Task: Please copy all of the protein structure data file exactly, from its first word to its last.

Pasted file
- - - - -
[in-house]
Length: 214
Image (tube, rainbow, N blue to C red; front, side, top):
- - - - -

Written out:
[in-house]
Length: 214
Image (tube, rainbow, N blue to C red; front, side, top):